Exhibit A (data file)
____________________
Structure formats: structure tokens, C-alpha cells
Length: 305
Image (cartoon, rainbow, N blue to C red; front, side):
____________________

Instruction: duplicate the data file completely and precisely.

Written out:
Structure formats: structure tokens, C-alpha cells
Length: 305
Image (cartoon, rainbow, N blue to C red; front, side):